Friedrich Merz

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Friedrich Merz
Msc 2004-Saturday Morning-1100 - 1300-Merz, Beer.jpg
Member of the Bundestag
In office
1994 – 2009
Member of the European Parliament
In office
1989 – 1994
Personal details
Born (1955-11-11) 11 November 1955 (age 60)
Brilon, North Rhine-Westphalia
Nationality German
Political party Christian Democratic Union
Alma mater University of Bonn
Occupation Lawyer
Religion Roman Catholic

Friedrich Merz (born 11 November 1955) is a German lawyer and politician, a former Member of the European Parliament (1989–1994), a former member of the Bundestag (1994–2009), and a former chairman of CDU/CSU parliamentary group (2000–2002).

He was elected chairman of the CDU/CSU group in the same year as Angela Merkel was elected chairman of the CDU, one of the two parties constituting the CDU/CSU group. In 2002, he stepped down as chairman in favour of Merkel.

He is also a partner at Mayer Brown's Düsseldorf office,[1] having joined the firm's corporate finance team in 2004, after spending several years at Cornelius Bartenbach Haesemann.[2]

Early life[edit]

After finishing Abitur in 1975 and serving in the army Merz began to study law (1976) in Bonn. He became a member of KDStV Bavaria Bonn (de), a Catholic student fraternity that is member of the Cartellverband. After finishing law school in 1985 he became a judge in Saarbrücken. In 1986 he quit his position in order to work as an attorney-at-law.

Political career[edit]

Member of the European Parliament, 1989–1994[edit]

From 1989 till 1994 Merz was a Member of the European Parliament, where he served on the Committee on Economic and Monetary Affairs and on the parliament's delegation for relations with Malta.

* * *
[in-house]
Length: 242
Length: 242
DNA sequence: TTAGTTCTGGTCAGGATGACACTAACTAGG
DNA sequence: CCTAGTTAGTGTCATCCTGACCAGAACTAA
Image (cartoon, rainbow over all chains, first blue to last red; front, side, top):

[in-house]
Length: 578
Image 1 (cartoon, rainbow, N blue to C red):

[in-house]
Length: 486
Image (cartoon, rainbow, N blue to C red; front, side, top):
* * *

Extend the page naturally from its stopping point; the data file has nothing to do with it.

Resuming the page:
Member of the German Bundestag, 1994–2009[edit]

From the 1994 German elections, he served as member of the Bundestag for his constituency, the Hochsauerland. In his first term, he was a member of the Finance Committee.

In October 1998 Merz became vice-chairman and in February 2000 Chairman of the CDU/CSU parliamentary group, succeeding Wolfgang Schäuble. In this capacity, he was the opposition leader in the Bundestag during Chancellor Gerhard Schröder's first term.

Ahead of the 2002 elections, Edmund Stoiber included Merz in his shadow cabinet for the Christian Democrats’ campaign to unseat incumbent Schröder as chancellor. During the campaign, Merz served as Stoiber’s expert for financial markets and the national budget.[3] After Stoiber’s electoral defeat, Angela Merkel assumed the leadership of the parliamentary group; Merz again served as vice-chairman until 2004. From 2002 to 2004, he was also a member of the executive board of the CDU, again under the leadership of Merkel.

Between 2005 and 2009, Merz was a member of the Committee on Legal Affairs. By 2007, he announced he would not be running for political office in the 2009 elections.

Career in the private sector[edit]

Upon leaving politics, Merz has taken on numerous positions on corporate boards, including the following:

Between 2010 and 2011, Merz represented the shareholders of WestLB, a publicly owned institution that had previously been Germany’s third-largest lender, in talks with bidders.[6]

Other activities (selection)[edit]

  • Deutsche Nationalstiftung, Member of the Board of Trustees
  • Bayer Foundation for German and International Labor and Business Law, Member of the Board of Trustees (1998-2002)
  • Ludwig Erhard Foundation, Member (1998-2005)

Personal life[edit]

Friedrich Merz is married to the judge Charlotte Merz. He has three children and resides in Arnsberg in the Sauerland region.


External links[edit]